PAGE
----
#5357 – 2019 First-Class Forever Stamp - Cactus Flower: Echinocactus horizonthalonius

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U.S. #5357

2019 55¢ Cactus Flower (Echinocactus horizonthalonius)

 

Value:  55¢ 1-ounce First-class rate (Forever)
Issue Date:  February 15, 2019
First Day City:  Mesa, AZ
Type of Stamp:  Definitive
Printed by:  Banknote Corporation of America
Printing Method:  Offset
Format:  Double-sided booklet of 20
Self-Adhesive
Quantity Printed:  400,000,000
 
Nearly all species of cactus grow spines of some kind.  Some are long and flexible while others might be short and prickly.  No matter what type of thorns are present, it pays to be careful around these formidable plants. One species of cactus that is especially good at defending itself is Echinocactus horizonthalonius.  This plant has many different common names, each more fierce sounding than the last – eagle's clw, devil's head, horse crippler, and more.  These name's reference the cactus's brutal-looking spines that can measure up to two inches long.  In fact, sometimes on smaller cacti, the spines are so long that they overlap one another, forming a seemingly impenetrable cage around the rest of the plant. The eagle's claw cactus is native to the Southwest United States and northern Mexico.  It is a pale green-blue, relatively round, and can grow to over 17 inches tall.  Unlike most cacti, the ribs of the eagle's claw twist around the body of the plant instead of growing straight up and down.  This species can be grown indoors but must receive a lot of sunlight.  From March to May, teh cactus produces large bright pink flowers.  Despite its normally intimidating appearance, the eagle's claw is one of the most beautiful sites in the springtime desert.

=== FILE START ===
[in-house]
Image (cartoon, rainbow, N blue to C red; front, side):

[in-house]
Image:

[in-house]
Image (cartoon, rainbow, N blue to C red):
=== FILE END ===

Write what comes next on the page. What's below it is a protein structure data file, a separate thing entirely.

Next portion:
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U.S. #5357

2019 55¢ Cactus Flower (Echinocactus horizonthalonius)

 

Value:  55¢ 1-ounce First-class rate (Forever)
Issue Date:  February 15, 2019
First Day City:  Mesa, AZ
Type of Stamp:  Definitive
Printed by:  Banknote Corporation of America
Printing Method:  Offset
Format:  Double-sided booklet of 20
Self-Adhesive
Quantity Printed:  400,000,000
 

Nearly all species of cactus grow spines of some kind.  Some are long and flexible while others might be short and prickly.  No matter what type of thorns are present, it pays to be careful around these formidable plants.

One species of cactus that is especially good at defending itself is Echinocactus horizonthalonius.  This plant has many different common names, each more fierce sounding than the last – eagle's clw, devil's head, horse crippler, and more.  These name's reference the cactus's brutal-looking spines that can measure up to two inches long.  In fact, sometimes on smaller cacti, the spines are so long that they overlap one another, forming a seemingly impenetrable cage around the rest of the plant.

The eagle's claw cactus is native to the Southwest United States and northern Mexico.  It is a pale green-blue, relatively round, and can grow to over 17 inches tall.  Unlike most cacti, the ribs of the eagle's claw twist around the body of the plant instead of growing straight up and down.  This species can be grown indoors but must receive a lot of sunlight.  From March to May, teh cactus produces large bright pink flowers.  Despite its normally intimidating appearance, the eagle's claw is one of the most beautiful sites in the springtime desert.